But since I'm sparing you the video, the least you can do is indulge me while I brag: In addition to his construction paper diploma, Sam also received the President's Award for Academic Excellence. Since he was the only one in his class to get it, I figure that pretty much makes him the valedictorian of Pre-K.
They did not ask him to give a speech. But he did shake hands with the principal.
Wanna know the cutest thing about it? He was really more excited about the construction paper diploma prop than that silly little certificate signed by the President. He didn't really understand that he got a special award.
The graduation cap, on the other hand, has made frequent appearances in the week since the ceremony. He wore it all day Saturday as we ran around town, and was congratulated by strangers several times. At one point, he asked "Why do people keep talking to me about graduation when I'm tired of talking?"
I was surprised to hear he was tired of talking about it, because he's been really fascinated with all things graduation lately. When I told him that at Grandma and Grandpa's house there are (probably?) a bunch of REAL graduation caps AND gowns that he can try on next time we visit, he wanted to know the full inventory of color choices, and who wore what. Later he asked how people decide what colors to wear for graduation, and we talked about school colors and mascots and all that. I didn't realize he'd taken the whole discussion so much to heart until a few days later when he told me he didn't want to go to high school. It turned out that he was worried that he'd have to wear a cap & gown in a color he didn't like (i.e. not red), and he thought it best just to avoid that risk altogether. I assured him that it'll all work itself out by the time he's in high school. Maybe he'll go to a school that does have red gowns, or maybe he'll have a different favorite color then. He looked skeptical, but has not made further mention of ending his education after eighth grade.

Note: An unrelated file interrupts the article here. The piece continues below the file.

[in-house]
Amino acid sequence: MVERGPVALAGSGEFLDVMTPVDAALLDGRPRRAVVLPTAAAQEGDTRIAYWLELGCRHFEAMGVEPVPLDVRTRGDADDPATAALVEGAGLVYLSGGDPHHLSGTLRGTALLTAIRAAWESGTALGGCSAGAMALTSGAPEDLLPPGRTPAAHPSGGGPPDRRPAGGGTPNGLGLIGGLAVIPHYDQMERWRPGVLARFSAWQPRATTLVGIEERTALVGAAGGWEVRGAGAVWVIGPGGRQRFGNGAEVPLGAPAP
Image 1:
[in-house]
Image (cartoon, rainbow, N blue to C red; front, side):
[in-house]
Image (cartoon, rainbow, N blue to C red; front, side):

I'm glad. I think he'd miss out on a lot. Although at the beginning of the year I had reservations about sending him to an all-day-every-day program, I could not have asked for a better year. He made lots of friends and soaked up information like a sponge. His teacher, Mrs. S, is as kind and caring as they come, and welcomed not just her students, but parents and siblings into her classroom as well. Grace and I spent so much time there, in fact, that when the graduates paraded down the aisles of the auditorium, Grace climbed out of her seat and tried to join them. She was antsy throughout the ceremony because she just wanted to get up there with the rest of her class where she thought she belonged. And when each of Sam's classmates stood to receive a diploma, Grace would point out her "friend" on the stage.
I'm a little worried about next year, and the years to come, because we probably won't always luck out with great teachers. But no matter whom or what he encounters, I'm pretty sure Sam has figured out he'll have a better time outside the cubby than in it. And I can't really think of a better life lesson than that. Can you?